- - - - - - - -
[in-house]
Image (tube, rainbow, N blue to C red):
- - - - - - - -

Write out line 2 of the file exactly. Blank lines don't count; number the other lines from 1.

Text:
Image (tube, rainbow, N blue to C red):